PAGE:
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You may have been hurt by someone before, or you may have done something you wish you hadn’t done and are now angry with yourself. You know you shouldn’t let anger or disappointment consume you, but forgiving that person or yourself is easier said than done. However, when you are truly able to overcome it, you will release all the pent-up negativity inside you, feel good about yourself, and move on with your life with confidence.

Of course, these benefits depend on developing true forgiveness, which takes a lot of work. But it’s worth it. Professor of psychology at the University of Wisconsin-Madison and author of “Forgiveness is a Choice. “When you see that someone is more than what they have done to you, you realize that you are more than what has been done to you. You begin to see the intrinsic value of all people, including yourself.”

There are many myths about what forgiveness means, which can make it seem more difficult than it actually is. “People equate forgiveness with giving in rather than fighting for justice,” Enright says, but that doesn’t excuse bad behavior. You can still hold someone accountable while choosing to release a grudge.

Basically, forgiveness is a conscious, voluntary step to let go of resentment. It is neither quick nor easy. “People feel they can’t forgive because they think it should happen immediately,” says Suzanne Freedman, Ph.D., a professor of psychology at the University of Northern Iowa, who points to research showing that it can take more than a year to forgive someone. It’s a journey with ups and downs, and you may go back and forth on what you want to do.

Ready to start building your forgiveness muscle? Follow these steps for deep forgiveness. They are based on the four stages identified by Enright and Freedman.

  1. Making the Decision to Forgive
    First is the disclosure phase. Through therapy or journaling, identify who and what is upsetting you. If you can, safely tell this person how their behavior has affected you. Next is the decision stage, in which you announce to yourself that you want to forgive. (Note: It’s okay if you don’t want to forgive, or haven’t forgiven yet.)

If you’re struggling to make up your mind, consider whether holding on to anger is working for you, Enright says. “When you live in resentment, you tend to think over and over again about the people who often hurt you,” he says. “You can slowly slip into a pessimistic view of the world and thus avoid relationships. A person has so much power over you that your ability to trust and feel joy is now undermined. That’s the impetus for forgiveness.”

Need an extra push? Weigh the results of choosing not to forgive, says Amanda E. White, the therapist behind Instagram @therapyforwomen. “By avoiding forgiveness, you don’t have to put yourself out there, you’ll be ‘right,’ and you don’t have to have uncomfortable conversations,” she says. “But you’re losing time and the power to move on with your life.”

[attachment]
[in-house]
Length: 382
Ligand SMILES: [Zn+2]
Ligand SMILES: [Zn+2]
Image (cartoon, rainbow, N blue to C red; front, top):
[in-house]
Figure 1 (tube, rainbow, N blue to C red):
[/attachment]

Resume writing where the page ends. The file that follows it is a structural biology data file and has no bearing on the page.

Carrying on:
1. Do the work of forgiveness
    Now move on to phase three (the big job): Ask yourself what the story is behind the person who is upsetting you. How did they grow up? What wounds do they have? “You may find they are a vulnerable, scared, confused person who will lash out at you,” Enright says.

It can also help find a common humanity. “I’ll ask people, ‘Did you know there’s no one else in the world like you? Doesn’t that mean you have value? And then I would ask them the same questions about people who have wronged them. It may take a few months, but people will eventually acknowledge that the person has value in their own right,” he says.

That acknowledgment can be difficult to accept at first. “We ask people to endure that pain and not throw it at another person or anyone else, and when they realize they can live with it, it actually starts to go away,” Enright said. Next, consider giving the offender something nice, like a kind word, a phone call or a donation in their name. This behavior solidifies your lack of pain and may also inspire them to be better.

  1. Positive factors that incline toward forgiveness
    Finally, there is the discovery phase. Enright suggests that after putting it all behind you, take note of who you are as a person. Do you feel more worthy of compassion? Are you more sensitive to the pain of others? Do you feel like life has a new purpose? If you answered yes to any of these questions, then give yourself credit, mission accomplished!
  2. forgive yourself too
    Okay, so you’ve mastered (or are working on) forgiving others. But what about you? It’s also an inside job! White found that women often struggle with self-forgiveness because they tend to be perfectionists, and admitting it means admitting failure. A simple but powerful tip: “Get in the habit of asking yourself what you could have done better when you mess up,” she says. “This will build real confidence, because your self-worth comes from your ability to take responsibility and solve problems.” Take it a step further by jotting down the person you want to be and begin to realize that vision.


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